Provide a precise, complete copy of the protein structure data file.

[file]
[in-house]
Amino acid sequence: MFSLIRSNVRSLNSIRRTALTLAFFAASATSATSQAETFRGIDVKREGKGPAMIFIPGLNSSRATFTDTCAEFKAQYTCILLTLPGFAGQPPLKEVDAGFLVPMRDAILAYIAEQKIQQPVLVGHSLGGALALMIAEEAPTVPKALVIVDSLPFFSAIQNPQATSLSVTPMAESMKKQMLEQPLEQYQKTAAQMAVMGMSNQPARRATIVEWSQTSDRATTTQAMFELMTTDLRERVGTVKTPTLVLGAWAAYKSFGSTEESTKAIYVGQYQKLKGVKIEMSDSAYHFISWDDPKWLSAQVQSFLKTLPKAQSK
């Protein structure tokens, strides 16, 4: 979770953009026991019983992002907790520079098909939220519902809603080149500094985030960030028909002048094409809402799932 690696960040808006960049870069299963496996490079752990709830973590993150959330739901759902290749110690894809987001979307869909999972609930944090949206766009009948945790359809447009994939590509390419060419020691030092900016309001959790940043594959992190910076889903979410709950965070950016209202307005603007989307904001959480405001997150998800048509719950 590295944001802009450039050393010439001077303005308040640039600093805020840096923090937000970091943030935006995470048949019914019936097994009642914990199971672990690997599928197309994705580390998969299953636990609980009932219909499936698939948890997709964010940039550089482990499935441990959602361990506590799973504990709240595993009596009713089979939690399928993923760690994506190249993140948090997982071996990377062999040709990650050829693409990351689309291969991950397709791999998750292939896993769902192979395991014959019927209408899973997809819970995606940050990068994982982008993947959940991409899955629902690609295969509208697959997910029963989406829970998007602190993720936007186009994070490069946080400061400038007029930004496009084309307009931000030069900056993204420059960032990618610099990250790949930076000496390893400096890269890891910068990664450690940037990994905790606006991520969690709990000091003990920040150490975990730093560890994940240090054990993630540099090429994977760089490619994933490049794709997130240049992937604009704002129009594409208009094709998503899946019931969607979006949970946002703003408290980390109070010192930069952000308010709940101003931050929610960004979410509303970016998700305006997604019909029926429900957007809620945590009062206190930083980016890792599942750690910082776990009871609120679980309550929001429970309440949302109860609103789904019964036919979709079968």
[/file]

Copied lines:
[in-house]
Amino acid sequence: MFSLIRSNVRSLNSIRRTALTLAFFAASATSATSQAETFRGIDVKREGKGPAMIFIPGLNSSRATFTDTCAEFKAQYTCILLTLPGFAGQPPLKEVDAGFLVPMRDAILAYIAEQKIQQPVLVGHSLGGALALMIAEEAPTVPKALVIVDSLPFFSAIQNPQATSLSVTPMAESMKKQMLEQPLEQYQKTAAQMAVMGMSNQPARRATIVEWSQTSDRATTTQAMFELMTTDLRERVGTVKTPTLVLGAWAAYKSFGSTEESTKAIYVGQYQKLKGVKIEMSDSAYHFISWDDPKWLSAQVQSFLKTLPKAQSK
């Protein structure tokens, strides 16, 4: 979770953009026991019983992002907790520079098909939220519902809603080149500094985030960030028909002048094409809402799932 690696960040808006960049870069299963496996490079752990709830973590993150959330739901759902290749110690894809987001979307869909999972609930944090949206766009009948945790359809447009994939590509390419060419020691030092900016309001959790940043594959992190910076889903979410709950965070950016209202307005603007989307904001959480405001997150998800048509719950 590295944001802009450039050393010439001077303005308040640039600093805020840096923090937000970091943030935006995470048949019914019936097994009642914990199971672990690997599928197309994705580390998969299953636990609980009932219909499936698939948890997709964010940039550089482990499935441990959602361990506590799973504990709240595993009596009713089979939690399928993923760690994506190249993140948090997982071996990377062999040709990650050829693409990351689309291969991950397709791999998750292939896993769902192979395991014959019927209408899973997809819970995606940050990068994982982008993947959940991409899955629902690609295969509208697959997910029963989406829970998007602190993720936007186009994070490069946080400061400038007029930004496009084309307009931000030069900056993204420059960032990618610099990250790949930076000496390893400096890269890891910068990664450690940037990994905790606006991520969690709990000091003990920040150490975990730093560890994940240090054990993630540099090429994977760089490619994933490049794709997130240049992937604009704002129009594409208009094709998503899946019931969607979006949970946002703003408290980390109070010192930069952000308010709940101003931050929610960004979410509303970016998700305006997604019909029926429900957007809620945590009062206190930083980016890792599942750690910082776990009871609120679980309550929001429970309440949302109860609103789904019964036919979709079968």